I finally got around to looking at my MyFitnessPal data that I exported a couple years ago. I wasn’t really counting macros during that time but when I graph percent of protein, carbs and fat calories vs total calories it seems that protein does appear to help curb my general calorie intake, whereas carbs are relatively steady and fats increase my intake. There are a lot of anomalous data points though especially on days where I didn’t log every single food (typically days under 1200 calories) so I don’t know how much I can trust these graphs.
All I see is blobs
Can you do a binned scatterplot, or share the correlation coefficients?
Here is a 3rd order poly fit… Not sure why they all look asymptotic unless mfp has a funky way of calculating total calories (the first graphs I calculated total cals as 4carb+4prot+9*fat)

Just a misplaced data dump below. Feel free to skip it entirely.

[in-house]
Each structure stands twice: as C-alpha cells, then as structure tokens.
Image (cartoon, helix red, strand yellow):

Yes I guess so… just thought that 700 data points makes for a more convincing argument than 7 lol
Plus I’d rather spend more time walking than sitting in front of my laptop
Calories=f(fibre,fast food visits,sleep,moon phase, temperature,how I feel about my cat, number of emergency calls I receive today…)
Make it multidimensional heatmap. x & y are the macros. Color would be total average calories. no sorry this is not useful.
Edit: Why polynomial? How about comparing Loess and expected linear based on how many calories would be contributed.
Try https://xeno.graphics/multi-class-hexbin/ https://xeno.graphics/scatter-pies/
Or https://data.princeton.edu/stata/graphics #3.3.3 or something like https://stackoverflow.com/questions/36945185/display-color-in-ggplot-2-with-scale-fill-manual-and-scale-fill-discrete-in-stac?rq=1
Actually, just load R and ggraptr and play around with the graphs. That will be relatively fun and easy.
Also could you please give me a sample of the output MFP premium makes?